York Daily Record from York, Pennsylvania on February 22, 1973 · 27
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York Daily Record from York, Pennsylvania · 27

York, Pennsylvania
Issue Date:
Thursday, February 22, 1973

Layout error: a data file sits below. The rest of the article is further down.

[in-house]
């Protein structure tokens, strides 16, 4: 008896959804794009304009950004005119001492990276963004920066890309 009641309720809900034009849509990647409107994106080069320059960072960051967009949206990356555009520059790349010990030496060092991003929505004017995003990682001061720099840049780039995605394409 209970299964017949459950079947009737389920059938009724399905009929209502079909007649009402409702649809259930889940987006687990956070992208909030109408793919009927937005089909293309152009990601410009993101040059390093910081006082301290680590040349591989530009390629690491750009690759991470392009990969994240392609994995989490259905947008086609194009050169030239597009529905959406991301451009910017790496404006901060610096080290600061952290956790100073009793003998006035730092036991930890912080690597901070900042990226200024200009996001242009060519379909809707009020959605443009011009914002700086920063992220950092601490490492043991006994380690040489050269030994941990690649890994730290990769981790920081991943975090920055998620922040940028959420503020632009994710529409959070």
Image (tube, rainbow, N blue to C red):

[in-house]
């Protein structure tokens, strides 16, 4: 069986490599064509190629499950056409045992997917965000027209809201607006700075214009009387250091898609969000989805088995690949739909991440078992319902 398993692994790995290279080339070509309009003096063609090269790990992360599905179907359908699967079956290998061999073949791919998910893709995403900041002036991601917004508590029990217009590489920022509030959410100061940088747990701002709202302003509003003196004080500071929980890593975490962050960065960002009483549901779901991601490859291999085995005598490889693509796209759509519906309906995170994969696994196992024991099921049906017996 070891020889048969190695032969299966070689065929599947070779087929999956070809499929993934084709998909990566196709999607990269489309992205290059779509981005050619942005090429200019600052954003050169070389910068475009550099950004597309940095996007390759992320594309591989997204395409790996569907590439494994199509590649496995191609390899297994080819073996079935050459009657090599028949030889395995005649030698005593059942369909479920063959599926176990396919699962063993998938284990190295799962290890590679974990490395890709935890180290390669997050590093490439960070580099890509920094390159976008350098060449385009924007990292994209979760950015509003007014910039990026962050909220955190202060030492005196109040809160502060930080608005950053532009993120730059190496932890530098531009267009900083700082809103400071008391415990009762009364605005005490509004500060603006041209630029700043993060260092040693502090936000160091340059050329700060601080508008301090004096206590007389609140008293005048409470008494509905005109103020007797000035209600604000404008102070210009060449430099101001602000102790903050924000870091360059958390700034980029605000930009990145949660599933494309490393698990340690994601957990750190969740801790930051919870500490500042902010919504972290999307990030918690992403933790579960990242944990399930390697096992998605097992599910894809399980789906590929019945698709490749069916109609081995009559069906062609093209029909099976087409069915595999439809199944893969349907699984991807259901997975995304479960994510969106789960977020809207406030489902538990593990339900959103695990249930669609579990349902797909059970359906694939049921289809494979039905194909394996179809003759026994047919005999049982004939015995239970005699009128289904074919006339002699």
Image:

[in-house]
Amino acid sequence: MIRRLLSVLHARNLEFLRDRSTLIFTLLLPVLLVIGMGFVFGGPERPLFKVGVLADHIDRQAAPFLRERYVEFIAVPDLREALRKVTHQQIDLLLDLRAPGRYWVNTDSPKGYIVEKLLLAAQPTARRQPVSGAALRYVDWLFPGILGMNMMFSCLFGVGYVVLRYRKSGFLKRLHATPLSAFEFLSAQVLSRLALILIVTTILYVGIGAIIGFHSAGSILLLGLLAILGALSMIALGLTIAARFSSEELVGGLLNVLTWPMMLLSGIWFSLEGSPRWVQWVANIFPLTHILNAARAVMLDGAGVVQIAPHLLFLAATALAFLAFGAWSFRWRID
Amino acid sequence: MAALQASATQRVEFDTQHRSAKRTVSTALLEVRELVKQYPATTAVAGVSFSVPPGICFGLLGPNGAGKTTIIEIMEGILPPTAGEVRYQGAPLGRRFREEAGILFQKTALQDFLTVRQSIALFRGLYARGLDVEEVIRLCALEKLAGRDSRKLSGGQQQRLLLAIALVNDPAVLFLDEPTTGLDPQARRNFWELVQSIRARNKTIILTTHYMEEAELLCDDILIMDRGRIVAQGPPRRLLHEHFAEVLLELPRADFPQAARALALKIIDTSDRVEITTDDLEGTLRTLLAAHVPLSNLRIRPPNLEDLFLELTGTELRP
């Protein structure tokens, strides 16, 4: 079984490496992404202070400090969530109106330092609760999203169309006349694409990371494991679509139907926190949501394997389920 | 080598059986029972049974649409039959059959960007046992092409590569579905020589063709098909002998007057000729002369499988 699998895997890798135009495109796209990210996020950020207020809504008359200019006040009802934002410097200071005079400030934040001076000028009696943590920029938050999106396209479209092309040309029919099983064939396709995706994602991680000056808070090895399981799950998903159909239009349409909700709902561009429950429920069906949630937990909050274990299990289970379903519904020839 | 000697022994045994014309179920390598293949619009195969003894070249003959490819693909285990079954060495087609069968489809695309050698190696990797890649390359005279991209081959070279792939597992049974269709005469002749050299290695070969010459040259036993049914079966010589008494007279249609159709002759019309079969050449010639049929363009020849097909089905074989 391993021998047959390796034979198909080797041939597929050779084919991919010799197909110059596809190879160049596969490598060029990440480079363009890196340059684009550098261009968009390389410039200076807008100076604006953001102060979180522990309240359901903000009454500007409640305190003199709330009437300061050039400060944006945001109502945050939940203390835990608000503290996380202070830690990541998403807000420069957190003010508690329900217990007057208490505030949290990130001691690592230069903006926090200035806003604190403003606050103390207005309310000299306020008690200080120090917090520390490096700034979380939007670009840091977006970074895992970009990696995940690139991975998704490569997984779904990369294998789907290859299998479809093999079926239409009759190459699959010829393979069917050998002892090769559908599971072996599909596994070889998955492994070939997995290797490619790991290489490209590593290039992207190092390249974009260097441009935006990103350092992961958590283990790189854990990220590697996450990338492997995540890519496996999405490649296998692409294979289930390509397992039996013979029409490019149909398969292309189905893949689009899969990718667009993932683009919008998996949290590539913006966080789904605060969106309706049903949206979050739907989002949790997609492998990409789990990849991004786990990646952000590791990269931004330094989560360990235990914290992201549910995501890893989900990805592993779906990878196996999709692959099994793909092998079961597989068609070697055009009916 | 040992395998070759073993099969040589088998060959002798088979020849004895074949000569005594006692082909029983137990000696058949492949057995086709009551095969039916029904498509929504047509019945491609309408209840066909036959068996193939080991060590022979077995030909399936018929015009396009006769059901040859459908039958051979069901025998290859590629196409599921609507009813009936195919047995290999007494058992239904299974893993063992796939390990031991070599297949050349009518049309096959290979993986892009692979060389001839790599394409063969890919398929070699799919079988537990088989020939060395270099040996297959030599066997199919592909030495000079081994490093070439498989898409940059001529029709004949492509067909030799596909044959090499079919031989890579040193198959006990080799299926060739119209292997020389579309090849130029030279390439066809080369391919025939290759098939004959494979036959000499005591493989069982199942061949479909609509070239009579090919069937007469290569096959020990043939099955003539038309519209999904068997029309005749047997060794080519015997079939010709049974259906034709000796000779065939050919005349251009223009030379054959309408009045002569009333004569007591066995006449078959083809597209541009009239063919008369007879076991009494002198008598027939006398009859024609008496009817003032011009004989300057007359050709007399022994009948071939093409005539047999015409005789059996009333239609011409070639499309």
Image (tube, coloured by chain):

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4' Daily Record, Thursday, Feb. 22, 1973 27 Spy spoof delights Soviet readers n attributing tough-sounding slang to a Russian Doctor in Haiphong and using the Vietnam was as a setting. The one point at which he said their whimsy was successful was when they described and gave the accurate addresses and phone numbers, of white Russian restaurants in New York, though he suggested that the information was "useless for the majority of our readers." don't you recognize me?" Not only did Yevtushenko accuse the authors of having written a book 'too dull to be an adventure novel," but he charged them with exceeding the bounds of professional ethics, especially by such inappropriate techniques as WATCH GGffCJCJ GO OFF! poet in the group of new-wave writers during the literary liberalism of the late 1950s and early 1960s. Aksyonov bacame known abroad for a youth novel, "Ticket to The Stars." The other authors of "Gene Green" are Grigory Pozhenyan, a poet, and Ovidi Gorchakov, a writer who during Word War II served as a partisan fighter and as a Soviet intelligence agent dropped into Warsaw in the guise of a British corporal. Gorchakov wrote about his intellignece experiences in a book, "Otherwise Known as Corporal Woodstock." The three combined their names to produce the mythical author, Givady Gorpozhaks. Among passages that Yevetushenkko objected to were these: "A sardonic smile wandered across his lips. A .38-caliber Colt' glistened bluishly in his left hand. "Who are you?" the old Russian emigre asked in Russian emotionally. "Who are you?" he repeated in English. "The man with the Colt who had just appeared in the window gave a twisted grin. "Marilyn Monroe Guard Publishing House. The introduction to the 700-page novel describes it as a political-satirical science-fiction adventure, a documentary parody with its cutting edge aimed "at the Pentagon and other aggressive military circles." It is presented as a translation of a work by a mythical writer. Yevtushenko, in the Writhers Union weekly, Literaturnaya Gazeta, maintained that the spoof was a flop because the three authors had become too fascinated with the very characters they had sought to deride. "Evidently your desire was to expose supermanism and Fleming-charming Bondism," he said, adding that the "melodramatic description of stilettos, Colts, brass knuckles, birthmarks in which there is poison, fights, tortures, murders, stripteases, pot-smoking, brought the translators without their noticing it to savoring supermanism and not its exposure in rough parody." Tlhe force of Yevtushenko's criticism was a surprise since one of the authors, the novelist Vasily Aksyonov, was a close friend of the COIUMB'A P'Cl IMS Piesens '"iprjcnzs A JOHN HEY MAN Product-on C' a ROBtQT HARTfQRD DAVIS Fi'm ENDS TONIGHT "THE EMIGRANTS" at 6:50 & 9:25 COLUMBIA PICTURES ftEsentsa ROBERT M. VVEITMAN Rotation tr. : BURT GW By IIKDRICK SMITH N.Y. Times News Service MOSCOW James Bond now has a tough-talking, smooth-operating Soviet spoof counterpart who has been amusing the young literati, titillating subway readers and ofending the literary establishment for seeming to make the real McCoy too much of a hero. Typically for any offbeat Soviet work of fiction, all 100,000 copies of "Gene Green Untouchable: The Career of CIA Agent 014" sold out in a couple of days late in December. Except for a more modest Bulgarian competitor or a contraband Ian Fleming novel about James Bond passed on furtively to an eager audience by foreign travelers, this sort of thing had been beyond the reach of Soviet readers. Also typically, because there is so little book promotion in the Soviet Union, most people did not even know what they had missed until Uevgeny Yevtushenko, the establishment poet and Writers Union official, denounced the parody in print. . The book is impossible to buy now and almost as hard to borrow, and one of the authors said he feared that Yevtushenko's attack, awakening official disapproval, might have blocked a second edition planned by the Young Miss Universe sues Puerto Rico SAN JUAN, P.R. (AP) - A corporation that produces the Miss Universe and Miss U.S.A. pageants filed a $20 million damage suit Tuesday against the Puerto Rican government for canceling a five-year contract to sponsor the two contests. The suit was filed .by Miss Universe Inc. whose offices are in New York City. The government, which had agreed last year to pay the firm $1 million over a five-year period, canceled the agreement last week, four years before it was to expire. The corporation claimed the decision "puts in jeopardy this year's pageants." The company also asked the court to force Puerto Rico to honor the contract. Formerly held in Iong Beach, Calif., and Miami Beach, Fla., the contests were held last year near San Juan. The contract was signed by the administration of former Gov. Luis A. Ferre, who failed to win reelection last November. The administration of the new governor, Rafael Hernandez Colon, canceled the contract, claiming it was illegal for Puerto Rico to spend public funds on the beauty pageants. 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